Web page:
UK Chancellor Jeremy Hunt will use the Budget next Wednesday to unveil significant increases in pension allowances as part of a move to encourage people to work longer, the Daily Mail reports.

In its article - Boost for middle-class workers as Jeremy Hunt plans to raise the pension cap to stop professionals retiring early - the newspaper said Whitehall sources had confirmed the £1m lifetime allowance (LTA) would see the first substantial increase for a decade.

It added the £40,000 cap on annual pension contributions will also be raised.

The LTA was originally set at £1.5m when it was introduced on A-Day in 2006. It gradually rose to £1.8m in 2010 but fell to just £1m in 2016. Upratings since then have seen the LTA grow to £1.073m.

The annual allowance is currently capped at £40,000.

The Daily Mail article did not, however, specifically mention the money purchase annual allowance (MPAA), which is currently set at £4,000 and reduces the amount that over 55s can pay into their pension by 90% if they have accessed any of their pension pot to make ends meet during the pandemic or cost of living crisis.

Last week, an industry coalition of some 17 industry firms and organisation sent a letter to HM Treasury calling for urgent reform of the MPAA.

The signatories - which include Aegon, AJ Bell, the Association of British Insurers, Hargreaves Lansdown, the Pensions and Lifetime Savings Association (PLSA), Redington and The Investing and Saving Alliance (TISA) - calls for the MPAA to be increased from £4,000 to £10,000.

It also calls for a longer-term review of the impact of the MPAA to explore the effectiveness of the current rule and to discuss possible improvements to its operation and impact.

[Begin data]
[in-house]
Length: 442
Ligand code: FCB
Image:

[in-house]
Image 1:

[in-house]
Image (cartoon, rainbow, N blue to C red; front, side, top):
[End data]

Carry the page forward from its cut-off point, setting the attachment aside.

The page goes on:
Royal London pensions and legal expert Clare Moffat said a key focus of the Budget needs to involve addressing pension lifetime and annual allowances.

She said: "The freezing of the former has meant that many more people are impacted by how much they can save in a tax efficient way, but crucially has been key in the decision making of many, including doctors in the NHS, to choose to leave their professions and retire rather than pay large tax charges."

Scottish Widows head of policy Pete Glancy also thought the government should reform tax allowances - "seizing the opportunity" to incentivise older professionals to return to work.

He said: "The LTA, annual allowance, and MPAA have all been frozen in monetary terms, despite the recent inflationary pressures. This means that more and more older skilled professionals that the country desperately needs, such as doctors and those in areas such as advanced manufacturing and bio-tech, face being hit by significant and unexpected tax penalties simply for returning to work.

He added: "We want to see the LTA scrapped for defined contribution pensions; the annual allowance increased at least in line with inflation to help those in defined benefit pensions; and the MPAA disapplied to those who have accessed some of their pension savings simply to make ends meet. This is a crucial time for the economy, and existing pension policy is actively holding the country back."